You haven’t heard of Kamala Nair, but you will.
She just sold her debut novel for six figures to Grand Central Publishing. The folks there are either incredibly lucky or insanely smart – or both – because The Girl in the Garden is going to be huge. I was lucky to read it for the first time several months ago because (full disclaimer!) the author is my best friend. I started it just before bed, planning to do some nice sleepy reading for a few chapters, then go to sleep and finish it later. I had to be up in the morning fairly early, and I was tired. Well: two hours later I looked at the clock and realized it was really late and I’d better go to bed ASAP to have any chance at a functional tomorrow – and I still could NOT put it down! I read until it was done because I absolutely could not go to sleep without knowing what happened. It was completely worth it. It’s a beautifully written family drama that will thrill and delight you, worry you, surprise you and keep you turning the pages until there aren’t any left. So, buy it! Though this is rather early – it will probably come out in summer 2011 – but never fear, I will remind you then quite incessantly.
Here is the official synopsis from Publisher’s Marketplace: “Kamala Nair’s THE GIRL IN THE GARDEN, the redemptive journey of a young woman unsure of her engagement, who revisits in memory the events of one scorching childhood summer when her beautiful yet troubled mother spirits her away from her home to an Indian village untouched by time, where she discovers in the jungle behind her ancestral house a spellbinding garden that harbors a terrifying secret.”
The Girl in the Garden will be a fantastic book club selection because there are so many controversial characters that can’t be pigeonholed into good/bad – people will have a lot of different opinions, I think. Which, naturally, would make for a great dinner party or cocktail party. I love themed parties like this, but hate for them to be too obviously connected to their inspiration. For example, the novel is primarily set in India, but serving only Indian food would just be so expected. And we don’t ever want to be predictable, do we!? I won’t give much away, but there are other elements of the novel that gave me inspiration with a twist – two primary themes are inner beauty and childhood. My menu is below, and flexibly works for either hors d’oeuvres or a casual dinner party (everyone will have to feel comfortable about eating with their hands). You’ll have to read the book to truly understand why I chose these dishes ;)
- Hot Peel and Eat Shrimp with Saffron Parsley Butter
- Arugula with Pineapple and Pine Nuts, served in the pineapple
- Wedding Cake
I started with samosas, because although they are obviously Indian food, I love them and I refuse to leave them out. We also needed a little something Indian in the menu. The shrimp reminds me of the tropical climate of Kerala and in their skins, they are ugly on the outside but wonderful on the inside; a major theme of the book. Also, you have to eat the samosas and shrimp with your hands, tearing off the unattractive outer covering to get to the tastiness inside, which takes us back to childhood and obviously follows our theme of inner beauty. The plating of the pineapple salad follows it as well and is evocative of the garden wall, and since the fruit itself has a prickly skin but is sweet inside, it too adds to our theme. Pineapple is also a tropical fruit, and – an aside – I thought I didn’t like pineapple until I went to Kerala and someone convinced me to try one. Oh my goodness, I can still remember how sweet that pineapple was. I’ve been completely converted to pineapple ever since, and love using it in non-fruit salad ways. Finally, wedding cake (which is really any cake you feel like making as long as you decorate it nicely) for the ending the main character hopes to have – plus, back to our childhood theme: everyone likes cake.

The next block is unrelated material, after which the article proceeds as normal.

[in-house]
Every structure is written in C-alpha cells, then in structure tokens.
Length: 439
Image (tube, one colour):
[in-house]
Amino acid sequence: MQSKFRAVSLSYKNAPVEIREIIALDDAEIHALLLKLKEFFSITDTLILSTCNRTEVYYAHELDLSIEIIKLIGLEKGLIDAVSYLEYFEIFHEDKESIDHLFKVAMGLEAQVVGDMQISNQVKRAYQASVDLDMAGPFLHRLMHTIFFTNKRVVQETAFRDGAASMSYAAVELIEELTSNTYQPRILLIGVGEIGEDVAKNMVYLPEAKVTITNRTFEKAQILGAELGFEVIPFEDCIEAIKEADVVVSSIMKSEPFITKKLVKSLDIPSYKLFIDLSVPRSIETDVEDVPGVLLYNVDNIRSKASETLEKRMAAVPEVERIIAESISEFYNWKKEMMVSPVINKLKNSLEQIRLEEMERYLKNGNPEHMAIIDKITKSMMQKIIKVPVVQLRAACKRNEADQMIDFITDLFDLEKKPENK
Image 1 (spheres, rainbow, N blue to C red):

I would serve this on a table designed with a combination of whimsy and practicality. It’s going to be a messy meal, and one napkin is not going to hold up to that shrimp. So, two strategically placed paper towel dispensers placed on the table where the candles would usually go will be amusing and purposeful! Then, with the white paper towels keeping it from getting too crazy, dress up the rest of the table with color: bright pinks, yellows, blues, reds, oranges. This would be a great time to use the idea of aluminum cans (labels removed) or old jars as vases, again bringing us back to childhood and a casual feeling, and the colors are evocative of India without going overboard with the connection.
This is neither a table nor menu that would make sense served without a connection to The Girl in the Garden, and it’s so fun to have inspiration come from extraordinary stories like this one. I can’t wait for it to be published so everyone can read it!